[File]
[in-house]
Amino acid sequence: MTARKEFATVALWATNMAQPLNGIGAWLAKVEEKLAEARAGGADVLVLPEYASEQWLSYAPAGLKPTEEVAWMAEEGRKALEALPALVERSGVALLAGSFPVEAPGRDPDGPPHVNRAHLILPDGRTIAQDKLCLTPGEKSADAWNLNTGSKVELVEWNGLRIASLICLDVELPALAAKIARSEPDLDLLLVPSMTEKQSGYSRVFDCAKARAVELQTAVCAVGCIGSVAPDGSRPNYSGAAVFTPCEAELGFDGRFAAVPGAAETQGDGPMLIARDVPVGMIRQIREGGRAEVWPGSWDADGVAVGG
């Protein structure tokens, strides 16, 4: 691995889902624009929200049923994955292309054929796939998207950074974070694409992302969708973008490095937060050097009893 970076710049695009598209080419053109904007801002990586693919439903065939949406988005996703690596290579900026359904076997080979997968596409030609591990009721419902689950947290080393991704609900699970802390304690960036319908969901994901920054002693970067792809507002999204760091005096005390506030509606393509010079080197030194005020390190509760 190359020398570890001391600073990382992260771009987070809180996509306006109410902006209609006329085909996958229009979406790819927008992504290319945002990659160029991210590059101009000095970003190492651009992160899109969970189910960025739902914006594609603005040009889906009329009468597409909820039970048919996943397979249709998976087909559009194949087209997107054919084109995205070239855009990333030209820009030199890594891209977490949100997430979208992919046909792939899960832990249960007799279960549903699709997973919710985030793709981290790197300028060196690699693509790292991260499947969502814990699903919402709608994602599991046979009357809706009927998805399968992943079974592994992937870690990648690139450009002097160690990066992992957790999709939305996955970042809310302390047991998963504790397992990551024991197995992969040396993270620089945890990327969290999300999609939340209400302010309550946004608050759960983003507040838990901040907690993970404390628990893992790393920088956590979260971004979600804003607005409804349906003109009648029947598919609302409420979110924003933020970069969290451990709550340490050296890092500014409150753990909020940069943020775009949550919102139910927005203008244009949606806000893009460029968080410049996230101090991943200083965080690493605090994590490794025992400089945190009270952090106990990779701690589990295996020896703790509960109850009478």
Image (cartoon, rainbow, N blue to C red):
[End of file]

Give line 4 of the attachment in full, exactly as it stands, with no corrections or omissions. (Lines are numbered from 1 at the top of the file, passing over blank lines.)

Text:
Image (cartoon, rainbow, N blue to C red):